Boeing 747SP: The Smallest and Rarest of the Jumbo Jets

While Boeing 747 is generally associated with large capacity, there is one variant of the 747 that’s an outlier in that regard – the 747SP.

This aircraft, developed to help airlines make long but thin routes profitable didn’t become a bestseller. In fact, only 45 airframes of the type were manufactured. That said, the “SP” has an important place in aviation history and is loved by many aviation enthusiasts.

In this article, I’ll take a look at how the aircraft came to be, how it’s different from the “regular” 747, and which operators had or still have the type among other things.

Boeing 747SP
With just 45 airframes produced in total and now being out of commercial service, the 747SP has been a rare aircraft from the moment it was first produced.

The Story of Boeing 747SP

The entry into service of the 747-100 in 1970 was a big milestone for Boeing and a historic milestone in commercial aviation as a whole. However, it also left the manufacturer with a large gap in capacity between the 747 and its next largest model – the 707.

To prevent losing the market completely to Lockheed L-1011 and Douglas DC-10, Boeing started looking for a way to enter the market. And, rather than starting from a scratch, creating a smaller version of the 747 – at that time named 747SB, with “SB” standing for “short body” – seemed like a good option.

At the same time, Pan Am was interested in acquiring aircraft that would be capable of flying long haul routes with limited demand non-stop. Iran Air was in a similar situation, being interested in launching non-stop flights between Tehran and New York.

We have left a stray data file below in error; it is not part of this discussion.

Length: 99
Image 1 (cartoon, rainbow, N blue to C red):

Iran Air Boeing 747SP
Iran Air was one of the first 747SP operators. It was also the last airline to retire the type.

In 1973, the combination of the circumstances above led Boeing to formalize its plan for a shortened 747 and its board to approve the development of the new variant. By this time, the aircraft was renamed to 747SP with “SP” standing for “special performance” and referring to its ability to fly non-stop further than any other aircraft at the time.

The same year, Pan Am placed ten firm orders with options for additional fifteen of the 747SP, becoming its launch customer. The first of those aircraft was delivered in March 1976 and entered into service a month later.

Just a bit more than six years later, in August 1982, the 747SP production line was closed after the 44th airframe of the type was delivered to the Government of Iraq. The production line briefly reopened about five years later when Boeing made one last, 45th, 747SP which it delivered to the Government of the United Arab Emirates.

The Differences Between the 747SP and the 747-100

Being based on the larger 747-100, the original Jumbo Jet and the 747SP are the same in many regards. However, there several notable differences between them as well.

The two main differences are, of course, that the 747SP has a longer range and a shorter body (and thus smaller capacity) than the 747-100. More specifically, rather than being 231 ft 10 in (70.66 m) long and capable of flying 4,620 nm (8,560 km), it is only 184 ft 9 in (56.3 m) long but has a range of 5,830 nm (10,800 km).